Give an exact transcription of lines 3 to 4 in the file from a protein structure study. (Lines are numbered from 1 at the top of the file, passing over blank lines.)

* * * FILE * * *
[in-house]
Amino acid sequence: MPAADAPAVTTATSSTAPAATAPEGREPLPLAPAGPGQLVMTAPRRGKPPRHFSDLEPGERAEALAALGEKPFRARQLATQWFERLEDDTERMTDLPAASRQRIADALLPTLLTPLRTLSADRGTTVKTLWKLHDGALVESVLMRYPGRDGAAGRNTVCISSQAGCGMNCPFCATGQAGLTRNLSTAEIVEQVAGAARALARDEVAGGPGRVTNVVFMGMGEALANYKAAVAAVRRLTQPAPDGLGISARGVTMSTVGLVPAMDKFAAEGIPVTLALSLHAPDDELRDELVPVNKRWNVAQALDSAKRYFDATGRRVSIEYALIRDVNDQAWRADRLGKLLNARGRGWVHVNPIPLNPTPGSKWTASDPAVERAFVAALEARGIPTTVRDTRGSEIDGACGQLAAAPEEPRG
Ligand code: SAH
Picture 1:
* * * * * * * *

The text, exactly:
Ligand code: SAH
Picture 1: